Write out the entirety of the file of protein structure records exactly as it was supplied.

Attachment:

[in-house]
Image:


[in-house]
Image: